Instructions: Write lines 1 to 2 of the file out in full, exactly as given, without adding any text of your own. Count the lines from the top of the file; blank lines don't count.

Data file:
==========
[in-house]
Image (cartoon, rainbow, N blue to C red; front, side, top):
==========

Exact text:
[in-house]
Image (cartoon, rainbow, N blue to C red; front, side, top):